Unemployment numbers from feds getting hinky

Remember our warning back on Jan. 6, 2012, about the feds essentially taking over unemployment reports?

Now, Mish has a more complete analysis of numbers relating to who is working, who isn’t and how many unemployed people there are. These numbers are from a variety of sources and … they don’t add up.

Here’s a key graf from his excellent post:

Over the past several years people have dropped out of the labor force at an astounding, almost unbelievable rate, holding the unemployment rate artificially low. Some of this was due to major revisions last month on account of the 2010 census finally factored in. However, most of it is simply economic weakness.

This whole post is a pretty tough piece of prose. It requires quite a bit of concentration, but you will be rewarded if you make the effort.

But don’t get mad about being gypped. Get smart. Check your brain to see what it thinks it knows. You will have heard the chirpy newscasters trumpeting 8.1%. Can you get that number out of your head? Here’s a little test for you: quickly say, “What’s the unemployment rate in the U.S. today?”

If the 8.1% number pops into your mind unbidden, you will know you have been infected.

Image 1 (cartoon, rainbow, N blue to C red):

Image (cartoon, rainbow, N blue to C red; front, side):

Are you one of those rational, intelligent, skeptical people who says smugly, “I don’t believe anything I hear on TV!” Ask yourself about the test above. What just happened?

Now, here is what Mish has come up with for a more realistic unemployment rate: “Were it not for people dropping out of the labor force, the unemployment rate would be well over 11%.”

Put that number in place of the propaganda number in your brain. There! That was easy!

Advertisements

About InvestingforOne

I've been investing in various assets by myself using a discount broker for many years. Over that time, I've developed some theories that others might find useful. Plus, there is more to investing than money. Time, talent, work, friends, family all go into developing a good and satisfactory strategy.
This entry was posted in Basics, Economy and tagged , , , . Bookmark the permalink.

Leave a Reply

Fill in your details below or click an icon to log in:

WordPress.com Logo

You are commenting using your WordPress.com account. Log Out / Change )

Twitter picture

You are commenting using your Twitter account. Log Out / Change )

Facebook photo

You are commenting using your Facebook account. Log Out / Change )

Google+ photo

You are commenting using your Google+ account. Log Out / Change )

Connecting to %s